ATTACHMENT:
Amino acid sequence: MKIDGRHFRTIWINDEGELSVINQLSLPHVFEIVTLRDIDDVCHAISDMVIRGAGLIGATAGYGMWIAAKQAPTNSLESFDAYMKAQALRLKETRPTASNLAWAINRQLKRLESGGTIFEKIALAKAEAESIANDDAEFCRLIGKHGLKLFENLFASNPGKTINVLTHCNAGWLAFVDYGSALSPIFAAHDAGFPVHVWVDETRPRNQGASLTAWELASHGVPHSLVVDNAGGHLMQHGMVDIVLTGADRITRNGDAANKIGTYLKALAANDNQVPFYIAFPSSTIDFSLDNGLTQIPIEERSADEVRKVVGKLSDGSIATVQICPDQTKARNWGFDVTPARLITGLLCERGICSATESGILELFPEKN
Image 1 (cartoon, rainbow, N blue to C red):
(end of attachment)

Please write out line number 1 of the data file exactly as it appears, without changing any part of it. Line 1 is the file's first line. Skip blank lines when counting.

Amino acid sequence: MKIDGRHFRTIWINDEGELSVINQLSLPHVFEIVTLRDIDDVCHAISDMVIRGAGLIGATAGYGMWIAAKQAPTNSLESFDAYMKAQALRLKETRPTASNLAWAINRQLKRLESGGTIFEKIALAKAEAESIANDDAEFCRLIGKHGLKLFENLFASNPGKTINVLTHCNAGWLAFVDYGSALSPIFAAHDAGFPVHVWVDETRPRNQGASLTAWELASHGVPHSLVVDNAGGHLMQHGMVDIVLTGADRITRNGDAANKIGTYLKALAANDNQVPFYIAFPSSTIDFSLDNGLTQIPIEERSADEVRKVVGKLSDGSIATVQICPDQTKARNWGFDVTPARLITGLLCERGICSATESGILELFPEKN